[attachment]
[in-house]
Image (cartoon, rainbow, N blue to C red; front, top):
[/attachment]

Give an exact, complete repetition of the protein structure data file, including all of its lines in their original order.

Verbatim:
[in-house]
Image (cartoon, rainbow, N blue to C red; front, top):